Dare to be Average and You'll Come Out on Top
Investors – particularly young, inexperienced investors – tend to believe that they can “beat the stock market." At one point, I, too, held that belief. Experience taught me otherwise leading me to develop a taste for the average. Let's discuss the concept of "Daring to Be Average."
In my The Amazing Power Of Compounding blog, I mentioned a growing concern about individual investors’ increasing proclivity to trade stock in today’s volatile stock market. Investors – particularly young, inexperienced investors – tend to believe that they can “beat the stock market." At one point, I, too, held that belief. Experience taught me otherwise leading me to develop a taste for the average. Let's discuss the concept of "Daring to Be Average."
I once felt that diversification – a form of loss mitigation – would limit my rewards. And it’s true. Bad picks will limit the reward of good picks. For example, by selecting an index fund, you are acquiring an ownership in its low-performing companies as well as its average and high-performing companies. My original thinking was that although I happened to be a “part-time” investor, I could also be an above-average investor… that I could successfully compete against the pros (Wazoos, I call ‘em). Well, like most amateur and/or part-time investors, I couldn’t. Coming to that realization steered me in the direction of building a portfolio around index funds and accepting the humbling experience of daring to be average. My ego was soon soothed by an increasing number of studies showing that unmanaged index funds routinely outperformed Wazoo-managed funds. And, yes, diversification helps manage risk.
Do Rewards Require Risk?
Risk and reward are most certainly connected. High risk can be rewarded with high returns. But that same measure of risk can also be rewarded with low or no returns. An undiversified portfolio combined with good luck can achieve amazing returns… but with bad luck (and luck is part of the investment game) it can be a devastating experience. On the other hand, a diversified portfolio combined with good luck can achieve those same amazing results… but with bad luck, a devastating result can be somewhat mitigated through diversification. In short, not all risk is rewarded, but a stretch of bad luck can be mitigated by proper diversification.
The Amazing Power of Compounding is a function of time and yield. But the time factor deserves some amplification. There’s a common perception that the risk of stock ownership declines as the investment horizon increases. I don’t agree. Holding a stock for a long time doesn’t reduce or eliminate its risk. Nor does holding a diversified portfolio for a long period eliminate the risk factor. In the latter case, the risk is simply mitigated because of diversification… not eliminated.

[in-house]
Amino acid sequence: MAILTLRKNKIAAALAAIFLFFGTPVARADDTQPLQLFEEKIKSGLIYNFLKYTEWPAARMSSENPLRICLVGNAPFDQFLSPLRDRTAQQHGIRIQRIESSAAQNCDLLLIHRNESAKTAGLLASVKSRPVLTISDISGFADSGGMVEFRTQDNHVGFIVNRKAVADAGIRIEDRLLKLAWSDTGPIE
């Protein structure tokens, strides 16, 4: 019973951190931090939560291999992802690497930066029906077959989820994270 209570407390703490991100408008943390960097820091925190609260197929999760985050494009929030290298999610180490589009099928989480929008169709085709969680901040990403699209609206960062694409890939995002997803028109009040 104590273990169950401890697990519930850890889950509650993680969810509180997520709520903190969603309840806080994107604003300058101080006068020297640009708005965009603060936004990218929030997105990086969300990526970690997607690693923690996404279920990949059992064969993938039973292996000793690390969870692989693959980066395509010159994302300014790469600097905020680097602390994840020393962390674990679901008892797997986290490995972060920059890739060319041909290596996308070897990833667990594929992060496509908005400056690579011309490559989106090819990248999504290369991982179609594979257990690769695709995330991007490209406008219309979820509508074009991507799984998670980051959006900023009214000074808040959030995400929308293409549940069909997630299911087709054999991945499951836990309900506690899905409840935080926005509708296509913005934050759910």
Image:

I utilize dollar-cost averaging in investing because it offers the risk-reduction benefit of investing over time. It involves investing the same amount of money on the same day each week or date each month… in for example, a Total Stock Market Index or S&P 500 Index Fund. Dollar-cost averaging over a period of time theoretically lowers the risk associated with lump-sum investing.
But note that I said, “over a period of time”. Once a period of time ends, normal investment risk reappears. To genuinely enjoy the fruitful “risk-reduction” of dollar-cost averaging, it must continue long-term. The only real benefit of “short-term” dollar-cost averaging is avoiding disappointment… an emotion decision-makers feel when they realize, after the fact, that another choice would have been more profitable (i.e., taking a big loss on a lump-sum investment versus a smaller loss by dollar-cost averaging over time).
Rolls Royce v. Chevy
When I (often) speak of my PDQ Principles, I am obviously inferring that, along with Patience and Diversification, it is important to invest in high Quality companies. That’s common advice, but is it necessarily good advice? It depends on a couple of questions we must ask ourselves when making important buying decisions. Without question, at fixed points in time, some companies are of higher quality than others. But are those “really good” companies worth the difference in price over "less good" companies? A Rolls Royce is a better car than a Chevy, but is it that much better? Is the investment in stocks of great companies better than in companies that are not so great? This is when valuation becomes important.
Value is Relative
During the buying process, it is especially important to consider the price of stocks relative to their value. Seven years ago, Exxon Mobil was the world’s most valuable company. Last Friday, Tesla, a company struggling for profitability, was valued by investors at $390 billion, twice a very profitable Exxon’s current market value of $165 billion. And Apple computer lost $180 billion in value that same day… more than Exxon’s total current valuation. By the way, if you’re lamenting last Friday’s losses in the stock market, the Omaha Sage, Warren Buffett, lost $19 billion on his position in Apple alone. That’s why I stick with mutual funds – in large part, index funds – and dare to be average.
Ditch Day Trading
Each investor has his or her own agenda and risk tolerance. Some become speculative day traders, where today’s gains can be quickly eroded by tomorrow’s losses. That was my experience, finally prompting me to ask, “Why gain 25-30% this month and lose most if not all of it next month?” More conservative, long-term investment practices might not deliver those occasional sensational results, but a highly diversified, buy and hold approach is a powerful form of risk mitigation that appeals to the dare to be average crowd. Yes, there are those with the proper tools and skills to be extraordinarily successful at day trading, but it’s a stressful approach with little appeal to me.